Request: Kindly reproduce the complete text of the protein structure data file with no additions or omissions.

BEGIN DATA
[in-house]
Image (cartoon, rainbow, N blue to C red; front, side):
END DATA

[in-house]
Image (cartoon, rainbow, N blue to C red; front, side):